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8 Aug 2022
3G Is Officially a Thing of the Past, as 5G Drives into the Sunrise
In their predictions for new technologies and emerging applications each year, industry leaders are always forward-looking and focused on potential benefits. Using faster and more powerful devices that quickly outperform earlier versions, we’ve seen the delivery of a new technology every two years for the past 20 years.
While there have been some arguments about the validity of the 5G network, most people are quickly coming to terms with the new reality.
So far, 5G has been predicted to be the next big thing, and it's already getting the hype treatment from tech giants such as AT&T and Verizon Wireless. This next generation of mobile internet speeds promises to be even faster than before.The 20-year history of tech-driven change creates one of the most notable distinctions for 2022.
The first major carrier to discontinue its 3G network was AT&T. As AT&T announces, the change not only marks the end of an example of the most prevalent technologies of the past two decades but also presents an unexpected challenge for the modern-day American business and consumer.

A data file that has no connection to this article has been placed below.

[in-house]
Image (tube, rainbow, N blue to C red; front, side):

5 G's explosive expansion is responsible for this paradigm shift. Hungry for spectrum bandwidth and network resources, 5G necessitates carriers to take over bandwidth currently held by 3G to implement a 5G network fully.
The transition can take anywhere from 18 months to three years, as service providers replace old equipment with new gear and buy back unused space from television broadcasters before installing antennas.
Without reallocating these necessary resources, it would be impossible for carriers to provide robust coverage across densely populated cities or even individual neighborhoods without building out an expensive fiber-optic infrastructure everywhere possible.
In the midst of all the buzz surrounding 5G technologies and the discussions of key technology implementations that will be possible, it should not be forgotten that 3G had an equally revolutionary impact on the technology in the early 2000s. There are lessons to be learned from the past and applied to the current 5G scenario.
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